Our ultimate solution, our communist society must reverse the growth imperative and system of private ownership upon which the capitalist economy is predicated. A post-capitalist society would uphold as central the concept of “the commons” and living within ecological limits. Human society must live within a commons of air, land, and water, which we all need to survive, and which cannot be parceled out into private property. “Private property” as a legal concept would become subsumed under the older legal concept of “personal property,” that which we can use personally.
Work should be life affirming and restorative. It should contribute to the betterment of society while allowing each individual to develop to their full potential. A socialist society will begin its work by restoring to the workers the wealth they have created: the land, the factories, the banks, and other primary aspects of production. This economic democracy will create the conditions for building a new type of production system, one based on people’s actual needs, rather than the artificial “wants” generated by a multi-billion dollar advertising industry. We can have housing instead of missiles, true health care instead of bombs, and liberatory schools rather than limos. We can create an economy based on community, cooperation, sharing, and a system of production that takes into account our impact on ecological systems. Technology will inevitably be part of our solution, but we must use and re-purpose science and technology to serve these revolutionary priorities.
Our communist society will be based on a culture (and a value-system) that privileges “use-value,” and particularly psychological and spiritual dimensions, over the accumulation of things, and a concept of well-being over the capitalist concept of “quality of life” which is equated to owning things. A post-capitalist society would reimagine work as meaningful activities, where each could find meaning in the work they do, and take responsibility for the impact of that work on others and the planet.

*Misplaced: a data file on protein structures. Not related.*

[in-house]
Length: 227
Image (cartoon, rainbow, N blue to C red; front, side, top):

Our notion of “green jobs” would be redefined to include not only work that builds more sustainable transportation and food systems; but also the critical work of individual, family and community skill-building that we need to live and co-exist through ecological transition. This may include everything from organization building, collective work and living, earth-skills, relationship-building, mediation and healing. Ultimately, we envision a social contract that establishes that no one is forced to do work that harms the earth’s ecosystem or each other, and a collective commitment to ‘just transition’ for workers and communities.
Achieving a society based on a transformation in cultural values and in the economy, to make the commons, meaningful work, and holistic science central foundations, will not happen by itself, by small groups of utopian thinkers and practitioners, or by the self-created implosion of capitalism as it exists today. We must uphold the banner of socialism as we look to transform and recreate society, institutions and relationships, because it demands a collective effort towards that transformation, a revolutionary socialism that is fighting for all of humanity and for the planet that is our home.
Adopted January 2013Download this piece as a PDF